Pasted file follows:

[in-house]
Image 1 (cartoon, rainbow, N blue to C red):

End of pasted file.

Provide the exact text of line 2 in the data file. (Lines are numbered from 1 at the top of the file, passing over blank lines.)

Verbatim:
Image 1 (cartoon, rainbow, N blue to C red):